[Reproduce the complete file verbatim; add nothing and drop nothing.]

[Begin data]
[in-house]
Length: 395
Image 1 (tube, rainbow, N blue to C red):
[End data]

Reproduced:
[in-house]
Length: 395
Image 1 (tube, rainbow, N blue to C red):